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[bih-gahyl] /bɪˈgaɪl/
verb (used with object), beguiled, beguiling.
to influence by trickery, flattery, etc.; mislead; delude.
to take away from by cheating or deceiving (usually followed by of):
to be beguiled of money.
to charm or divert:
a multitude of attractions to beguile the tourist.
to pass (time) pleasantly:
beguiling the long afternoon with a good book.
Origin of beguile
First recorded in 1175-1225, beguile is from the Middle English word bigilen. See be-, guile
Related forms
beguilement, noun
beguiler, noun
unbeguiled, adjective
unbeguiling, adjective
1. deceive, cheat. 3. amuse, entertain. Unabridged
Based on the Random House Dictionary, © Random House, Inc. 2017.
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Examples from the Web for beguile
Contemporary Examples
Historical Examples
  • Let Old Eaton have his way, if thereby they might beguile him into paving theirs.

    Tiverton Tales Alice Brown
  • In this way we shall have a model of the whole; and with these and similar discourses we will beguile the way.

    Laws Plato
  • All this has served to beguile my heart, and keep it in some degree occupied.

  • The Circassians also beguile the way on their journeys with riding songs.

    Life of Schamyl John Milton Mackie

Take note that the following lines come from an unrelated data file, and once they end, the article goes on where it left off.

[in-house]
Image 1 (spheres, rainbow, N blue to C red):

• No party had been alluring enough to beguile her from her books.

  • And whither did the example of Dante beguile those who imitated him?

  • Three tiny girls were to be taught “old maid” to beguile the time.

    The Children Alice Meynell
British Dictionary definitions for beguile


verb (transitive) -guiles, -guiling, -guiled
to charm; fascinate
to delude; influence by slyness
often foll by of or out of. to deprive (someone) of something by trickery; cheat (someone) of
to pass pleasantly; while away
Derived Forms
beguilement, noun
beguiler, noun
Collins English Dictionary - Complete & Unabridged 2012 Digital Edition
© William Collins Sons & Co. Ltd. 1979, 1986 © HarperCollins
Publishers 1998, 2000, 2003, 2005, 2006, 2007, 2009, 2012
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Word Origin and History for beguile

early 13c., from be- + guile (v.). Related: Beguiled; beguiling.

Online Etymology Dictionary, © 2010 Douglas Harper
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